it certainly seems logical that it could, for certain
reasons the shuttle actually has a limited range
of orbits--called "inclinations"--that it can achieve.
An orbit inclination is the angle of the spacecraft's
path as it crosses the equator. Kennedy Space Center
sits at 28.5 degrees latitude north of the equator.
Since it would take much more fuel for the shuttle
to head south, 28.5 degrees is the minimum
inclination the shuttle can fly. If you were to
look at the path the shuttle flies across the Earth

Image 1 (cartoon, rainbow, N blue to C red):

on a Mission Control Map, the shuttle would fly
from 28.5 degrees north of the equator to 28.5 degrees
south of the equator. These types of orbits are
called "low inclination" orbits and do not cover
much of the Earth's land masses.
NASA does not want the shuttle to be launched over
land, the shuttle cannot be launched directly over
North America, so the farthest north the shuttle
can fly is 62 degrees north of the equator to 62
degrees south of the equator. These types of orbits
are called "high-inclination" orbits, and are often
used to launch commercial or military satellites,
and for Earth Observation photography. Because they
can see much more of the land masses of the Earth,
many astronauts prefer these types of orbits.